St. John's University, Shanghai

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St John's University
聖約翰大學
St. John's University Shanghai logo.png
Motto 學而不思则罔
思而不學則殆
Motto in English Light and Truth
Active 1879–1952
Type Private university
Religious affiliation Anglican
President Francis Lister Hawks Pott
Location Shanghai, China
Website www.sjuaa.org
St. John's University, Shanghai
Traditional Chinese 聖約翰大學
Simplified Chinese 圣约翰大学
St. John's College on Jessfield Road

St. John's University (SJU) was an Anglican university in Shanghai. Founded in 1879 by American missionaries, it was one of the oldest and most prestigious universities in China, often regarded as the Harvard of China.[1]

After the founding of the People's Republic of China, the Communist government closed the university in 1952 and its departments were merged into various other universities in Shanghai. Its campus was taken over by the newly established East China Institute of Politics and Law.

History[edit]

The university was founded in 1879 as "St. John's College" by William Jones Boone and Joseph Schereschewsky, Bishop of Shanghai, by combining two pre-existing Anglican colleges in Shanghai. The architect for the college's original quadrangle of buildings was Newark, New Jersey architect William Halsey Wood.

St. John's began with 39 students and taught mainly in Chinese. In 1891 it changed to teaching with English as the main language. The courses began to focus on science and natural philosophy.

In 1905, St. John's College became St. John's University, and became registered in Washington D.C. in the United States. It thus had the status of a domestic university and American graduates of St. John's could proceed directly to graduate schools in the United States. As a result, the university attracted some of the brightest and wealthiest students in Shanghai at the time. It was the first institution to grant bachelor's degrees in China, starting in 1907.

The university was located at 188 Jessfield Road (now Wanhangdu Lu), on a bend of the Suzhou Creek in Shanghai, and was designed to incorporate Chinese and Western architectural elements.

The university survived World War II and the Chinese Civil War. However, in 1952 the Communist government adopted a policy of creating specialist universities in the Soviet style of the time. Under this policy, St Johns was broken up. Most of its faculties were incorporated into the East China Normal University and Fudan University. The medical school was incorporated into Shanghai Second Medical College, which became the School of Medicine, Shanghai Jiaotong University in 2005. The campus became the site of the East China University of Politics and Law. The School of Architecture and the Civil Engineering program were incorporated into Tongji University.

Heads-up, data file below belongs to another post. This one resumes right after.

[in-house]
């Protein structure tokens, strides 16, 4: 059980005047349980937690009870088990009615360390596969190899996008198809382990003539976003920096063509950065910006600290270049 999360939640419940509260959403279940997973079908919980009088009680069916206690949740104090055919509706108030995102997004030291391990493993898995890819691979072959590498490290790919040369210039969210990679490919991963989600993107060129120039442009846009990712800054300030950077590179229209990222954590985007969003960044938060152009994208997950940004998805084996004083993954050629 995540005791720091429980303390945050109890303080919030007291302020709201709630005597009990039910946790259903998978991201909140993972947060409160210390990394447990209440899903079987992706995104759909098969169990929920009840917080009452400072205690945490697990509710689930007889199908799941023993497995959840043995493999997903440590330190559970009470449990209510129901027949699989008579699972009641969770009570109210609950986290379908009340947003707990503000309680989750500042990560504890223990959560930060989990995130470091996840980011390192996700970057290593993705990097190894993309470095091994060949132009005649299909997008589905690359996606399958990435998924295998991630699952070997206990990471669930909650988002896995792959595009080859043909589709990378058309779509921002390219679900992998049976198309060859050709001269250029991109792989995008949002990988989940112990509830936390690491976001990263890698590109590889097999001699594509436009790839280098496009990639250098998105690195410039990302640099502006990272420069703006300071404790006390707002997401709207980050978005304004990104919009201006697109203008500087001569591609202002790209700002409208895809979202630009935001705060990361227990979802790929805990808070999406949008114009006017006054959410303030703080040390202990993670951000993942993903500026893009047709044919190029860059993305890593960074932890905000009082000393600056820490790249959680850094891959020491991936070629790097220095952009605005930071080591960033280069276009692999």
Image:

To keep the school's traditions alive, SJU alumni (called Johanneans) funded three academic institutions around the world bearing the name of St. John's.[1] They established St. John's University in Taiwan in 1967 and St. John's College at the University of British Columbia in Vancouver, Canada, in 1997.[1]

Notable alumni[edit]

Administration[edit]

  • Francis Lister Hawks Pott, President of St. John's College 1888 to 1896, President of St. John's University from 1896 to 1941
  • William Payne Roberts, instructor and acting president in the absence of Pott
  • David Z.T. Yin, Rector of the University, was a distinguished Chinese scholar who had represented the YMCA in Shanghai at the turn of the century.

See also[edit]

References[edit]

Notes[edit]

  1. ^ a b c Yang Wu. "Founding of SJC". University of British Columbia. Retrieved 8 May 2014. 
  2. ^ Hevesi, Dennis. "Dr. Thomas Dao, Expert on Treatment of Breast Cancer, Dies at 88", The New York Times, July 25, 2009. Accessed July 26, 2009.
  3. ^ a b "Founder of China's private Minsheng Bank dies". Reuters. 2009-09-14. Retrieved 2009-09-21. 

Further reading[edit]

  • Seeds From The West : St John's Medical School, Shanghai, 1880-1952. Chen, Kaiyi; Imprint Publications, Chicago, 2001. ISBN 1879176386

External links[edit]